Finland, however, declined to cede the islands and instead offered them an autonomous status. Nevertheless the residents did not approve the offer, and the dispute over the islands was submitted to the League of Nations. The latter decided that Finland should retain sovereignty over the province but that the Åland Islands should be made an autonomous territory. Thus Finland was obliged to ensure the residents of the Åland Islands the right to maintain the Swedish language, as well as their own culture and local traditions. At the same time, an international treaty established the neutral status of Åland, prohibiting the placing of military installations or forces on the islands.In the course of the 20th century, increasing numbers of the islanders have perceived Finnish sovereignty as benevolent and even beneficial. The combination of disappointment about insufficient support from Sweden in the League of Nations, Swedish disrespect for Åland's demilitarized status in the 1930s, and some feelings of a shared destiny with Finland during and after World War II has changed the islanders' perception of Åland's relation to Finland from "a Swedish province in Finnish possession" to "an autonomous part of Finland". The islanders enjoyed safety at sea during World War II, as their merchant fleet sailed for both the Allied countries and Germany. Consequently Åland shipping was not generally attacked as each side rarely knew which cargo was being carried to whom.
Finland marked the 150th anniversary of demilitarisation of the Åland Islands by issuing a high-value commemorative coin, the €5 150th Anniversary of Demilitarisation of Åland Islands commemorative coin, minted in 2006. The obverse depicts a pine tree, very typical in the Åland Islands. The reverse design features a boat's stern and rudder, with a dove perched on the tiller, a symbol of 150 years of peace.
History of Föglö
In the Middle Ages Föglö was a relatively densely populated area, because of its location along the route from Sweden to Finland and the Baltic coast. Ships made a stopover in Föglö. Later, as with larger ships dangers was that did not stop prematurely, reduced the importance of this island.</p>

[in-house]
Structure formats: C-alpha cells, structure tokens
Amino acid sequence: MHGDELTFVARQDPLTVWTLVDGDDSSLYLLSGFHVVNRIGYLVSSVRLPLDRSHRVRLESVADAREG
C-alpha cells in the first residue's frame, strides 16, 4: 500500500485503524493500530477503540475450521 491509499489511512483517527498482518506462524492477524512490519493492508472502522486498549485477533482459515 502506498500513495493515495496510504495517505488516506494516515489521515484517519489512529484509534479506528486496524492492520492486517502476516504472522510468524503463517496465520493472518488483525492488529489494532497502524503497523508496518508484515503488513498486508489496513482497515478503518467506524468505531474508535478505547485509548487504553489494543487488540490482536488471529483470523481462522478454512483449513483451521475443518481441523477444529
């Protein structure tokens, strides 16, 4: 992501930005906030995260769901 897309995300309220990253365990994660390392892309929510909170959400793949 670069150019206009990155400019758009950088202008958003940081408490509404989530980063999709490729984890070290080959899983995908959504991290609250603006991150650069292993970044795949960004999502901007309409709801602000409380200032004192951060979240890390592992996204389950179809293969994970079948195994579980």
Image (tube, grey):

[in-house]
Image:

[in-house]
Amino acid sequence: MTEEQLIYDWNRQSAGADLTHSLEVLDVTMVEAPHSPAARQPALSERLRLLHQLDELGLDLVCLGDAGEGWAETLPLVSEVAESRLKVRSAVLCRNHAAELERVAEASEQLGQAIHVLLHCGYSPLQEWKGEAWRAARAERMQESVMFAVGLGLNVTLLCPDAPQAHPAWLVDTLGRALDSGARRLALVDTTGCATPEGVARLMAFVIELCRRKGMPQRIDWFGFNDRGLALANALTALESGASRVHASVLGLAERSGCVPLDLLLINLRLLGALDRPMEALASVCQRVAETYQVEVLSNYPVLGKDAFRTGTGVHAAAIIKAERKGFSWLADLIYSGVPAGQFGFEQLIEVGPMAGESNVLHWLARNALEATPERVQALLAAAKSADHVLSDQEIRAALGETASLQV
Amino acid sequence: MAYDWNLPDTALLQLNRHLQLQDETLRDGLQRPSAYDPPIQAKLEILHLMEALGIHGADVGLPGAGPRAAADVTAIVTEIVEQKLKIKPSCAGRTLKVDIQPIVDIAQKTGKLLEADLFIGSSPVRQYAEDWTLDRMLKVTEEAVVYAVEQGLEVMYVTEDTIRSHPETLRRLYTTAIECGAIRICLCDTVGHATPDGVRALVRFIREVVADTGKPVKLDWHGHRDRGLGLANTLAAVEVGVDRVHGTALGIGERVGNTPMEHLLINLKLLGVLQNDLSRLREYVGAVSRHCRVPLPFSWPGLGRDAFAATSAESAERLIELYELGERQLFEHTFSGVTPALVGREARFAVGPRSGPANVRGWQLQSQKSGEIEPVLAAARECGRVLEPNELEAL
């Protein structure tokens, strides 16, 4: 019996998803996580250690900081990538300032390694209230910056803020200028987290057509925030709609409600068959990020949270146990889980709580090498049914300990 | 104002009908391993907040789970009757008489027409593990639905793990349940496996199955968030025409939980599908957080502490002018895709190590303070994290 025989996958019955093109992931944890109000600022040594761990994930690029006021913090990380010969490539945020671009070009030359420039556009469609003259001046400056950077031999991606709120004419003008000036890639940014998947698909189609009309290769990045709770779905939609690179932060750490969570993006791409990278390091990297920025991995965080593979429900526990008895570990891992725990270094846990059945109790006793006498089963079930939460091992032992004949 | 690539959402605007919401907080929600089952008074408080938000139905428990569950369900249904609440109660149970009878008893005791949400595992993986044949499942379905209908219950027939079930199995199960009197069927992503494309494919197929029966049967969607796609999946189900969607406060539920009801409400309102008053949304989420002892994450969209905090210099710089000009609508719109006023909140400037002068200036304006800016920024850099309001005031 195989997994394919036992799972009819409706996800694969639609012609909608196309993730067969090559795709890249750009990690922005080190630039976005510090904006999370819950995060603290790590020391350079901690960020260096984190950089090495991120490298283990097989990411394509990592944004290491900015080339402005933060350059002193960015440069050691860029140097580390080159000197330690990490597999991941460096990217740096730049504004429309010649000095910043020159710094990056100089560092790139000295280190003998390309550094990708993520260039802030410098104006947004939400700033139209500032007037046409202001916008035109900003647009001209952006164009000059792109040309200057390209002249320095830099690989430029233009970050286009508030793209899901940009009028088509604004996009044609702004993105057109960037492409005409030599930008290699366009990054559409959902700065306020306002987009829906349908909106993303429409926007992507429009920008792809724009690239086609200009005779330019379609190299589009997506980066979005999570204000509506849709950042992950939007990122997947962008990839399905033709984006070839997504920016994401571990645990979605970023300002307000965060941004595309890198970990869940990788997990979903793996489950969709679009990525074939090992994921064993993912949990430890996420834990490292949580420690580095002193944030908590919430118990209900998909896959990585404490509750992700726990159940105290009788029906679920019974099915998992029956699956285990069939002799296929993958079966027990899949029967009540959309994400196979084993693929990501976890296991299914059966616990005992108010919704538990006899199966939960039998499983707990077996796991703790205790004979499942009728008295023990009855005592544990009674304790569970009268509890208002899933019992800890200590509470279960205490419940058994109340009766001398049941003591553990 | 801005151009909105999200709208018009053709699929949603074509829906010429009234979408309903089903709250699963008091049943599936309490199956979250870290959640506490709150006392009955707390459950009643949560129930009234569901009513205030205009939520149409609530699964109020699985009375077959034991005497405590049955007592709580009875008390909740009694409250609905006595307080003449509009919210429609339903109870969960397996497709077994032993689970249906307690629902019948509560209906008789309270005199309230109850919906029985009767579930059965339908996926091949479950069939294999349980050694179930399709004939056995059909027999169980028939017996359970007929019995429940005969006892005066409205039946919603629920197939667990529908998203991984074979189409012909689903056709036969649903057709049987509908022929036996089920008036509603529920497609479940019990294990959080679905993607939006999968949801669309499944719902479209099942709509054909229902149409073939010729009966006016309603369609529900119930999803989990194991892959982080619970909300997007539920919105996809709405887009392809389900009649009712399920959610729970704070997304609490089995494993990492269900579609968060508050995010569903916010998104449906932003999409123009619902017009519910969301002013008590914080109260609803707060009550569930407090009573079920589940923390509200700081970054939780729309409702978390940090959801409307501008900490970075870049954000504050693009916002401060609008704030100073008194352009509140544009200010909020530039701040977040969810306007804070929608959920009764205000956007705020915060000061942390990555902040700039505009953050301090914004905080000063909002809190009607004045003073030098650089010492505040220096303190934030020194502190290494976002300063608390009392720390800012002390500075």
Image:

Durring the rule of Soldania Stora was a region known as Vanhouten the Soldanian government want to use it as a millitary prison however it was dissolved
History of Stora
Stora was founded as Ronnknobben on January 2015, the nation renamed themselfs to Stora on 11 September
Government and politics
Stora is a unitary parliamentary republic. The nominal head of state is the President of the Republic, who is elected by the Parliament for a five-year term. the Court provides for a separation of powers into executive, legislative, and judicial branches, and grants extensive specific guarantees (further reinforced in 2001) of civil liberties and social rights. Women's suffrage was guaranteed with an amendment to the new Constitution.
According to the Constitution, executive power is exercised by the President of the Republic and the Government. The President's duties were curtailed to a significant extent, and they are now largely ceremonial; most political power thus lies in the hands of the Prime Minister.The position of Prime Minister, Greece's head of government, belongs to the current leader of the political party that can obtain a vote of confidence by the Parliament. The President of the Republic formally appoints the Prime Minister and, on his recommendation, appoints and dismisses the other members of the Cabinet.
|Countries of the Fennoscandian Sector|